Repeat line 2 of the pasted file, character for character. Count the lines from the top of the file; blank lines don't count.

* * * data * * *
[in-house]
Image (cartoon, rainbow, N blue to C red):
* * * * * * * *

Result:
Image (cartoon, rainbow, N blue to C red):